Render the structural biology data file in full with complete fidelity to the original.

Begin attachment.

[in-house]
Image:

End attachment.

[in-house]
Image: